Wednesday, April 11, 2012

Thumbs Up

For the longest time we’ve struggled with finding an effective method to discipline CJ. In the few months leading up to the discovery of his developmental delay and sensory issues, it became apparent that absolutely nothing was working.

Discipline seems to be hotly debated topic. In my opinion, the point of discipline is to train the child in the appropriate way to behave in any given situation. This, I’ve come to understand isn’t a simple one-size fits all task.

We’ve tried all sorts of things with CJ- time-outs, rewards, removing a toy, and in desperation even spanking. I was spanked as a child. I didn’t like it and it deterred me from doing the thing that resulted in being smacked on the butt. It did not faze CJ and did not serve as a deterrent against the behavior being repeated. Bottom line, it didn’t work- so what’s the point of doing it? It didn’t feel right to me and for a reason.

And CJ began to lash out at others- he hit, bit and kicked and screamed. At first we were befuddled at what the heck was going on with this kid. He’s been strong willed from birth and obviously bright, but a different creature had taken over. I’ve written prior about the horrible experience we had at the preschool he was attending at the time; I won’t go into it again.

Long story short, we discovered after an evaluation with an OT- setup through our Pediatrician- that he was delayed in grasp and visual motor. Also SPD- see my sidebar with links for more information. What he was doing was exhibiting frustrated behavior at his inability to hold crayons/pencils and draw/write. And he had a big traffic jam in his brain with sensory overload. He didn’t have the verbal ability or maturity to put into words what was happening to him. And he was labeled a behavioral problem by the former preschool.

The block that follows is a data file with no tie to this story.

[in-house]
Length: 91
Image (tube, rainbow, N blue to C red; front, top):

You simply cannot spank a neurological disorder out. You can’t change the behavior exhibited by a neurology disorder by spanking. And since I wasn’t sure what behavior was resulting from the SPD and what was him being stubborn. I decided that it was simply not for us. The understanding of the developmental delays shed light on the frustrated behavior. And helping that simply involves therapy to increase the skills. As the skills have increased, the frustrated behaviors subside.

At our new care facility, his teacher has been wonderful. I was honest with her from the get-go at what we were dealing with. She didn’t bat an eyelash. He’s put her through her paces and she has never held any of his behavior against him. She doesn’t let him slide, by any means. But she was a huge blessing in our lives at the perfect time.

A couple months ago I was at the school, picking him up from the day. He looked at Ms. C and said, “Did I have a this day (holds his little thumb up) or a this day (little thumb down). She smiled and held her thumb up and he smiles and jumps up and down. I must have looked puzzled because she then explained that when he’s behaving well, she gives him a thumbs up and if he begins to slide into inappropriate behavior she gets his attention and holds her thumb out sideways and tells him he’s getting there and let’s bring it back up. We don’t want to get to here (holds her thumb out down) and CJ responds by shaking his head no.

Are you kidding me? That’s about as simple as it can get. And it works on him?

I decided then, that I would bring that tool back home with me. I’d see how it works for us at home or out in public. I’ve discovered it’s a nice thing to have in public. It can cut back on verbal scolding. As long as I can get his attention, it can be used from across a room. He doesn’t like getting a sideways thumb and will usually correct himself in order to get a thumbs up.

I don’t know why it works. Why does this speak to him when other things don’t?

I like that it’s immediate. I see him sliding and usually can catch him before it escalates.

Like everything it isn’t perfect and doesn’t always work. But we have had better results from a simple thumb than anything else.

*Please note that I am not making any commentary about the way anyone disciplines their child. I am simply writing about my personal experience with one of my children. I make no judgement of anyone. You discipline your child as you see fit and do what works for your family as long as it is legal. I am not debating disciplinary styles. If you would like to comment on what works for you or your experience without criticizing others then that is welcome. Openly critical, mean comments will not be posted.

Monday, April 9, 2012

Prayer and the Eight Year Old

Late Saturday evening WC burst through the backdoor into the kitchen screaming, “The Bible’s real, the Bible’s real.”